By Nik Bandak
After four years of planning, design, permitting and construction, the BioLegend Campus is complete and was delivered an unprecedented three days ahead of the original schedule and 2% under the original budget.
The eight-acre BioLegend Campus includes a myriad of intricacies and subtleties. Encircling the buildings is over 200,000 square feet of site improvements of meandering sidewalks and vast hardscape depicting circles that designate communal and outdoor meetings spaces. Located amongst the site improvements are five structures ranging in use from biology and chemistry labs, administrative office space, a kitchen with serveries, multipurpose rooms, a spanning atrium, a hidden parking structure and, finally, to an automated distribution center.
The process was efficient. The team was proactive. The owner was committed. The story goes like this:
“We’re growing. I need a little more lab space.” These are the famous words Founder, Dr. Gene Lay, remembers saying to Hughes Marino Executive Vice President David Marino in 2015. The conversation evolved into a topic of strategy, longevity and commitment. For Dr. Lay and his executive team, expansion wasn’t an idea—it was a commitment to their team and the research community. Starting with the site search and master planning, the Hughes Marino team embarked on creating a strategic Master Plan that outlined a road map for success.
Land Acquisition & Entitlements
Hughes Marino sourced the land by reverse engineering the traditional real estate process. Traditionally, you would cast a wide net across a geographic region based on a size range. In this case, the team targeted value and favorable entitlements. The search uncovered a number of opportunities but one area specifically spoke to BioLegend. The 7.2-acre, four parcel campus with four existing buildings fed by Terman Court was located just outside the strict MCAS overlay zone and included the zoning and by right entitlement BioLegend hoped for.
Before diving into the entitlement jargon, it’s important to note that while this project is specific to the City and County of San Diego, similar nomenclature is used in other parts of the country.
The due diligence period started with entitlement and zoning research which uncovered the By Right designation and a favorable floor-to-area ratio, or FAR. The By Right designation means you can build a certain usage by right as long as you stay within the original, or previously approved, development standards.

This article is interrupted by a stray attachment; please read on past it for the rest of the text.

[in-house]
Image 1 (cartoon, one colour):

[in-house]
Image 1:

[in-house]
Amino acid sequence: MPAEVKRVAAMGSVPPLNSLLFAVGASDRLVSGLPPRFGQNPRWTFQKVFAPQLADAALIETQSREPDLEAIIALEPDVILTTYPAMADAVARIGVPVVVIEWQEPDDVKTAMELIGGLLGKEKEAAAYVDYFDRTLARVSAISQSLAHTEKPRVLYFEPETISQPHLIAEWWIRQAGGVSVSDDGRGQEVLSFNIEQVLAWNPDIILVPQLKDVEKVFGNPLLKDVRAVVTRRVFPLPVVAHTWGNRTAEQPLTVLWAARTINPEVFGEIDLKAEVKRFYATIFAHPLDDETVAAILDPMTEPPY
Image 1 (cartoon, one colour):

In this case, BioLegend could build over 500,000 net square feet of research and development use on the four parcels. However, in order to completely tie the parcels together to fully utilize the efficiency of the space, Hughes Marino would need to vacate (privatize) Terman Court, which would require a 16-month entitlement process through City Council. These three details laid the groundwork to solicit proposals from architecture and planning firms to help to create the documents for the Master Plan and exhibits to approach the City of San Diego for a Preliminary Design Review.
The local San Diego architecture firm, Delawie, and local planning firm, Latitude 33, was selected through a competitive bid and interview process. After only three months of Due Diligence and Master Planning, Hughes Marino and the team presented the Master Plan to BioLegend, who approved the first two phases. The table below outlines the Guiding Principles and Phases of the Master Plan:
Master Plan Guiding Principles
1. Budget: Ensure the project remains on budget.
2. Quality: Create an efficient and functional campus that encourages research, discovery and employee retention.
3. Value: Form follows functions.
4. Sustainability & Opportunity: Design for the future.
5. Future Events: Host BioLegend Campus Inauguration Symposium on May 8th, a day before American Association of Immunologists 2019 Annual Meeting at the San Diego Convention Center.
Phase 1: Convert existing building at 8959 Terman Court into a lab building (Tenant Improvement Project)
Phase 2: Street vacation of Terman Court (Privatize Terman Court)—Process 5 through City Council
Phase 3: Campus project to include a new lab building, tenant improvement and reskinning existing building at 8928 Terman Court. New parking structure to accommodate increased headcount, automate order fulfillment process and site improvements.
Phase 4: Convert existing Building at 8929 Terman Court into lab building or incubator space.
The two renderings below compare the original Master Plan site plan to the approved Master Plan site plan:
Phasing & Approvals
Phases 1 and 2 were completed simultaneously, then once the plans for Phase 1 were submitted to the City of San Diego’s Development Services for initial plan check, Hughes Marino reviewed the Master Plan with BioLegend who then approved to move onto Phase 3. The simple bar graph below highlights how the team overlapped the phases:
BioLegend wanted the design to be holistic, functional and well thought-out. The phasing became intentional. In a project of this magnitude there are four factors: time, budget, design and efficiency. They all tend to work hand-in-hand so to sacrifice one is to sacrifice them all.
Phases 1 and 2 started concurrently, but finished nearly seven months apart. Phase 1 was completed on time and under budget in October 2016 and Phase 2 was successfully processed in April 2017—one day ahead of schedule. As a side note, when Phase 2 was successfully processed, BioLegend captured just under one acre of land, increasing their Campus acreage to just over 8-acres.
Since we kicked off the design for Phase 1 at a time when Delawie’s time commitment to Phase 1 was becoming more manageable, it afforded them the time and resources to focus on establishing a thorough Schematic Design Package. The Schematic Design Package helped Hughes Marino solicit proposals from local general contracting firms and for Delawie to work with the Phase 3 civil engineer, San Dieguito Engineering, Inc., on producing a Rough Grading Package ahead of submitting the Phase 3 plans to the City of San Diego for a building permit.